Belgian PM says he won’t allow Turks in Belgium to vote in referendum on reinstating death penalty

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Belgium's Prime minister Charles Michel arrives to take part in the EU leaders summit at the Europa building, the main headquarters of European Council and the Council of the EU, in Brussels, on April 29, 2017. The 27 ?EU leaders hold a summit to adopt Brexit negotiating guidelines. EU President Donald Tusk urged the bloc to keep a united front at a special Brexit summit in Brussels, saying it will also help Britain if they can reach a deal. / AFP PHOTO / THIERRY CHARLIER

Belgian Prime Minister Charles Michel said on Saturday that Belgians of Turkish origin will not be allowed to vote in a referendum on the reinstatement of capital punishment in Turkey.

Speaking during an interview with RTBF TV on Saturday, Michel said Belgium does not intend to allow the Turks of Belgium to participate within its borders in a referendum Turkey could hold on reinstatement of the death penalty.

I will not tolerate it! This is an unacceptable subject for me,Michel said and added that Belgium will study all legal possibilities” to prevent the holding of such a vote on Belgian soil.

In a statement on Friday, Chancellor Angela Merkel’s spokesman, Steffen Seibert, also said that it would not allow voting in Germany in any possible referendum on whether to reintroduce the death penalty in Turkey.

Seibert said the German government’s permission is required for voting in foreign elections or referendums to take place at embassies, consulates or elsewhere in its territory. Turkish nationals were allowed to cast votes in Germany in an April 16 Turkish constitutional referendum.

“It is politically inconceivable that we would agree to such a vote in Germany on a measure that clearly contradicts our constitution and European values. I assume that we would use all legal means to prevent something like this,” Seibert told reporters in Berlin.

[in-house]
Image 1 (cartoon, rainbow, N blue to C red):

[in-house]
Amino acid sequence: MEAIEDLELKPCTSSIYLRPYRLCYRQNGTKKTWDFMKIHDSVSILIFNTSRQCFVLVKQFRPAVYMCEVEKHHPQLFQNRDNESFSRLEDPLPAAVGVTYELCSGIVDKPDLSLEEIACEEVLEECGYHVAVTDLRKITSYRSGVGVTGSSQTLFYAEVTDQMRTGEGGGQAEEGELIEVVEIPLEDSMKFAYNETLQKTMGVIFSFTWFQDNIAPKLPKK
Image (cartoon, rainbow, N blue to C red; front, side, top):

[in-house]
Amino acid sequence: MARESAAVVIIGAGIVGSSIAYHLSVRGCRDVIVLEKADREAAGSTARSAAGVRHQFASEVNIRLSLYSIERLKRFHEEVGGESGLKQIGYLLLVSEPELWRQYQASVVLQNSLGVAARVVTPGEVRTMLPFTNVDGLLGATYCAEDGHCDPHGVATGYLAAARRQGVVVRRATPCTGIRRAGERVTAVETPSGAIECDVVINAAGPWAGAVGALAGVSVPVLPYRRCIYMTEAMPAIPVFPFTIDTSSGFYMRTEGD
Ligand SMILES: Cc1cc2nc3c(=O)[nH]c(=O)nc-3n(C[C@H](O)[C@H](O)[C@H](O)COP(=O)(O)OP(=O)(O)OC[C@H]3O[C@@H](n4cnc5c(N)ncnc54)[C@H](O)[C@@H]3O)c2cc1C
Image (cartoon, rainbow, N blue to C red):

Former President of the European Parliament and Chairman of the Social Democratic Party of Germany Martin Schulz also said in comments to Der Spiegel: “If the Turkish government really held a referendum on the introduction of the death penalty, it should be clear that such a vote must not take place among Turks living in Germany.”

“We cannot allow voting in Germany on an instrument that contradicts our values and our constitution,” he added.

After a victory in the April 16 referendum that expanded his powers and paved way for an executive presidency in Turkey, Turkish President Recep Tayyip Erdoğan said he would immediately discuss reinstating the death penalty with the government and the opposition.

The issue of reinstating capital punishment in Turkey has strained ties with the European Union after Erdoğan and the ruling Justice and Development Party (AKP) suggested its reintroduction following a failed coup last summer.

European Commission President Jean-Claude Juncker said on March 19 that reinstatement of capital punishment in Turkey would “lead to the end of negotiations” with Ankara for its membership in the EU.

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